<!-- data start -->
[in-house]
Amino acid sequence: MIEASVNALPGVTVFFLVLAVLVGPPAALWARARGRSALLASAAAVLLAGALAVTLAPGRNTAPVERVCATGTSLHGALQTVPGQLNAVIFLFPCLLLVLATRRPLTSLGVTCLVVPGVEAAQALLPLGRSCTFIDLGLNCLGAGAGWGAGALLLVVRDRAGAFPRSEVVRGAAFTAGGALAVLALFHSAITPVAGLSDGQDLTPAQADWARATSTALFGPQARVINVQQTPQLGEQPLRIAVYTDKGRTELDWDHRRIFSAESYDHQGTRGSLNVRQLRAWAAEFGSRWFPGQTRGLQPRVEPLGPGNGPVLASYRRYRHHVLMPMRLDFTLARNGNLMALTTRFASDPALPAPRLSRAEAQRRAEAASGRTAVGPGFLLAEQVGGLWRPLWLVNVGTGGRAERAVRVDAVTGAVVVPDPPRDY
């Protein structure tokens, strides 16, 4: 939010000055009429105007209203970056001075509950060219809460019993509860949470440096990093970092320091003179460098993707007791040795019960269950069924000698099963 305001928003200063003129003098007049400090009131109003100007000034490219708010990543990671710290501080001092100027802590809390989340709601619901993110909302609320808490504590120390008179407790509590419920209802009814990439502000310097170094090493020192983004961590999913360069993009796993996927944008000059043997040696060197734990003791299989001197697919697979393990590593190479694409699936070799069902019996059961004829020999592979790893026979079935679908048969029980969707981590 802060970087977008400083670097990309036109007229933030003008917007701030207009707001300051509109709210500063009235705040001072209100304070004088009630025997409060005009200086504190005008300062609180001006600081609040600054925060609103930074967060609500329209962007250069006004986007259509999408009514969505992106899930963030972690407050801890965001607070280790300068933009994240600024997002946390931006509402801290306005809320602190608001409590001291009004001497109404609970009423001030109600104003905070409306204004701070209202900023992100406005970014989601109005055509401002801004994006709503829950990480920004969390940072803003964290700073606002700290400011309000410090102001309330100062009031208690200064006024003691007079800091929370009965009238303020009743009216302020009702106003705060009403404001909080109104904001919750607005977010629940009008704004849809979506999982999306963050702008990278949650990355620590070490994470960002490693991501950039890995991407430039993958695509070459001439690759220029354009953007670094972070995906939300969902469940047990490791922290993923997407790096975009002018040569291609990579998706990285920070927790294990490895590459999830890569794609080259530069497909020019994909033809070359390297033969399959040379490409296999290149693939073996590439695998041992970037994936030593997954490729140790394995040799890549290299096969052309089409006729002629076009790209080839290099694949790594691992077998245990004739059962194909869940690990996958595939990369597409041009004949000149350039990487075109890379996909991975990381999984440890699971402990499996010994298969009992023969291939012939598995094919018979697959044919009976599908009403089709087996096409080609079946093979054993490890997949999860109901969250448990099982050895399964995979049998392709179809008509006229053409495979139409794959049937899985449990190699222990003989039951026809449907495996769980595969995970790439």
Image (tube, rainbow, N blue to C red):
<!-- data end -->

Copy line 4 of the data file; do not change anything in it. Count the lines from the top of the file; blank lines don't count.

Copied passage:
Image (tube, rainbow, N blue to C red):